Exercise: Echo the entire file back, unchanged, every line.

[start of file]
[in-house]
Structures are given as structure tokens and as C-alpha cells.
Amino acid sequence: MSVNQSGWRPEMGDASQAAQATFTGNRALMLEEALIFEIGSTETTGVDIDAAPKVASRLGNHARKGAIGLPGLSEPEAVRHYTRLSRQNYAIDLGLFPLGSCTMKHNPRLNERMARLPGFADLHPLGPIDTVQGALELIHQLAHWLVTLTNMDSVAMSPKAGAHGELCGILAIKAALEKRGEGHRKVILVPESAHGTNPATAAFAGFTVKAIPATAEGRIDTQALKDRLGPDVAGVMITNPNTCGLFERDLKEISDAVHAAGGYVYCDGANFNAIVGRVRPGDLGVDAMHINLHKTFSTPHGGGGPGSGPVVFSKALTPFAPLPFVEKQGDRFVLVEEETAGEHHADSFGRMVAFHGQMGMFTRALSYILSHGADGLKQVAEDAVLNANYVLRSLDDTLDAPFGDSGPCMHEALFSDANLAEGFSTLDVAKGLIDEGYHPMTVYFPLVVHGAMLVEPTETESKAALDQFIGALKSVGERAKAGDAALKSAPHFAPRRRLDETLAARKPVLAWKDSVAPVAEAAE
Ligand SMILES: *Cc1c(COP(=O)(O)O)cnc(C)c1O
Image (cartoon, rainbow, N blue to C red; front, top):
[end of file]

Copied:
[in-house]
Structures are given as structure tokens and as C-alpha cells.
Amino acid sequence: MSVNQSGWRPEMGDASQAAQATFTGNRALMLEEALIFEIGSTETTGVDIDAAPKVASRLGNHARKGAIGLPGLSEPEAVRHYTRLSRQNYAIDLGLFPLGSCTMKHNPRLNERMARLPGFADLHPLGPIDTVQGALELIHQLAHWLVTLTNMDSVAMSPKAGAHGELCGILAIKAALEKRGEGHRKVILVPESAHGTNPATAAFAGFTVKAIPATAEGRIDTQALKDRLGPDVAGVMITNPNTCGLFERDLKEISDAVHAAGGYVYCDGANFNAIVGRVRPGDLGVDAMHINLHKTFSTPHGGGGPGSGPVVFSKALTPFAPLPFVEKQGDRFVLVEEETAGEHHADSFGRMVAFHGQMGMFTRALSYILSHGADGLKQVAEDAVLNANYVLRSLDDTLDAPFGDSGPCMHEALFSDANLAEGFSTLDVAKGLIDEGYHPMTVYFPLVVHGAMLVEPTETESKAALDQFIGALKSVGERAKAGDAALKSAPHFAPRRRLDETLAARKPVLAWKDSVAPVAEAAE
Ligand SMILES: *Cc1c(COP(=O)(O)O)cnc(C)c1O
Image (cartoon, rainbow, N blue to C red; front, top):